More women than men are licensed to drive cars in the United States and they influence 80% of car purchasing decisions there and in Canada, too. But you'd never know that by the disturbing facts in a new study that shows auto accidents are much more dangerous for women than they are for men.

Why?

Because, as it turns out, manufacturers are not taking women into account, despite their purchasing power, when they design automotive safety features. Almost all vehicle safety tests are conducted with crash test dummies modeled on a man's anatomy, not a woman's.

The shocking result of that exclusion, according to the study from the University of Virginia, is that the odds of a female sustaining a serious to fatal injury when she is in a collision are an alarming 73 per cent higher than they are for a male.

That may sound counter-intuitive, considering that more men than women are injured and die in car crashes each year. But the fact is, the high injury and death tolls for men are mainly the result of risky driving behaviors that result in more collisions, not a lack of built-in safety features designed specifically to protect them when they do crash.

It's time regulatory authorities mandate that automotive safety tests are designed for both men and women. Anything short of that should be penalized.

Sadly, these latest findings are nothing new. As Caroline Criado-Perez, the author of "Invisible Women: Exposing Data Bias in a World Designed for Men," points out, researchers at Michigan University made the case for the inclusion of crash test dummies modeled on women in tests as far back as the early 1980s.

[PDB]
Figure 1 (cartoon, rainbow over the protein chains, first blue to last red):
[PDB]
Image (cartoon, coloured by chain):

But their advice, and the results of numerous studies conducted since then that have echoed the University of Virginia results, were ignored. Why? Manufacturers have been reluctant to invest the millions of dollars required to create anatomically correct female crash dummies.

The result? Safety tests don't account for the differences between male and female bodies, such as how breasts may alter how seat belts function or how women generally sit closer to the steering wheel because their arms and legs are shorter.

Now Carolyn Roberts, a researcher at the University of Virginia, concludes: "We're improving automotive safety for males at a faster rate than we're improving it for females."

That's unacceptable. Even worse is the fact that the auto industry is far from alone in ignoring women, with dire results for their safety.

Sadly, designers of body armor and construction safety equipment, such as harnesses, do the same. As a result, women are at a higher risk of dying of everything from stab and gunshot wounds to falls.

Even NASA failed to consider the differences in the bodies of its female and male astronauts when it planned the first all-female spacewalk last March. That had to be scrapped when the space agency realized it did not have a medium-sized space suit on board the International Space Station for one of the female astronauts, so a man was sent in her stead.

Medical researchers often ignore women, as well. For example, women make up more than half the 35 million adults living with HIV worldwide and yet they are vastly under-represented in clinical trials looking for vaccines, treatments and cures.

That's true, too, of research into heart disease, which focuses on male symptoms even though it is the No. 1 cause of death for women around the world.

Even the lab rats used in clinical drug trials are more likely to be male because female ones are considered more complicated because of their fluctuating hormone levels.

Women should not be dying in 2019 because they are, as Criado-Perez argues, invisible. The study on crash test dummies is a wake-up call for researchers and designers the world over.

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